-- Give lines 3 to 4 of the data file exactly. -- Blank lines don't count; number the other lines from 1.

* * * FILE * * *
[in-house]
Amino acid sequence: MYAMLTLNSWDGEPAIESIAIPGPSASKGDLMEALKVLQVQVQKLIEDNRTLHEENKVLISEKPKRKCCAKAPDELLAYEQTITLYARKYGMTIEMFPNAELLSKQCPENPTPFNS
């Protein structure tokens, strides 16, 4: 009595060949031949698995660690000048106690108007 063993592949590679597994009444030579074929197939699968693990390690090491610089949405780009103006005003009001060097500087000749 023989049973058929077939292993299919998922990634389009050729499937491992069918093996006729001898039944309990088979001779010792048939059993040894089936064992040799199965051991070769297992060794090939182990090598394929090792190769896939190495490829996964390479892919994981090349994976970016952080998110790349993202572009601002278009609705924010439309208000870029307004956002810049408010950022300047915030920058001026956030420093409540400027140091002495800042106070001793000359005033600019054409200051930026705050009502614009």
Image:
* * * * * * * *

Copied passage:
């Protein structure tokens, strides 16, 4: 009595060949031949698995660690000048106690108007 063993592949590679597994009444030579074929197939699968693990390690090491610089949405780009103006005003009001060097500087000749 023989049973058929077939292993299919998922990634389009050729499937491992069918093996006729001898039944309990088979001779010792048939059993040894089936064992040799199965051991070769297992060794090939182990090598394929090792190769896939190495490829996964390479892919994981090349994976970016952080998110790349993202572009601002278009609705924010439309208000870029307004956002810049408010950022300047915030920058001026956030420093409540400027140091002495800042106070001793000359005033600019054409200051930026705050009502614009």
Image: